Thursday, March 14, 2013

Celebrate St. Patrick's Day with "Darby O'Gill and the Little People"

In the picturesque Irish village of Rathcullen, old codger Darby O'Gill (Albert Sharpe) spends more time in the pub talking about leprechauns than tending to the estate of Lord Fitzpatrick. So, it's no surprise when the landowner decides it's time to replace Darby with the younger Michael McBride (Sean Connery). Darby's retirement benefits are generous: half-pay, a house with no rent, and a two-week notice for moving from his current abode. The hardest part for Darby will be breaking the news to his spunky, hard-working daughter Katie (Janet Munro), who has already caught Michael's eye.

As he ponders how to tell Katie, Darby falls down a well on Fairy Mountain and awakes in the home of the leprechauns. It's not his first encounter with King Brian (Jimmy O'Dea), the little people's leader. Several years earlier, the crafty Brian outfoxed Darby by granting a fourth wish that then negated the first three. This time around, Darby turns the tables. He manages to escape from Fairy Mountain, capture King Brian, and earn three wishes. But what to wish for?

A little Disney humor: Walt thanks the
leprechauns in the opening credits.
Made in 1959, this colorful Disney fantasy has aged as well as a 5,000-year-old leprechaun (like King Brian). The film has charm to spare, thanks largely to veteran performers Sharpe and O'Dea. Walt Disney handpicked Sharpe for the lead role after watching the actor in a stage version of Finian's Rainbow a decade earlier. Sharpe only made a handful of films, though his resume included two other engaging fantasies: Brigadoon and You Never Can Tell with Dick Powell. His co-star, Jimmy O'Dea, was an unknown in Hollywood, having spent most of his acting career in the Irish theater where he was known for playing the working-class Mrs. Biddy Mulligan.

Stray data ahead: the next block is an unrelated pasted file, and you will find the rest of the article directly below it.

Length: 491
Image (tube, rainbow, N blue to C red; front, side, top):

Sean Connery as Michael McBride.
The scenes between Sharpe and O'Dea dominate the first hour of Darby O'Gill, with Cleopatra the horse being the only other character to garner significant screen time. As a result, the final half-hour has too much plot: a romance blossoming between Michael and Katie; a lug named Pony causing trouble; and a banshee almost killing Katie. Still, the loose ends are wrapped up nicely; this is a family film after all.

Janet Munro as Katie.
Sean Connery, still three years before his Bond debut, has little to do. He does get to sing a duet with Janet Munro (in a DVD featurette, Connery calls his singing debut "an earth-shattering experience"). Darby O'Gill was the first of three Disney pictures for Munro, the other two being Swiss Family Robinson and Third Man on the Mountain. She oozes sweetness and tones down the sex appeal displayed in her finest film, the first-rate The Day the Earth Caught Fire (1961). Munro's film career was sadly short-lived and she died in 1972 at age 38 of a heart attack. Her career highlight was a 1963 BAFTA (the "British Oscar") Best Actress nomination for Walk in the Shadow, co-starring Patrick McGoohan (another Disney veteran).

The buildings and mountain in the distance were painted on a matte.
While Sharpe and the rest of the cast breathe life into the characters, it's Disney special effects wizard Peter Ellenshaw that makes Darby O'Gill and the Little People a magical visual experience. Ellenshaw gained fame as a matte artist working as an assistant on films such as Black Narcissus and A Matter of Life and Death. A matte is a partially-painted piece of glass placed in front of a motion picture camera that inserts new "objects" in the frame. Most of the town of Rathcullen is a painting done by Ellenshaw that blends into the sets built in the backlot of Disney's Hollywood studio (it's so convincing I thought the movie was filmed in Ireland).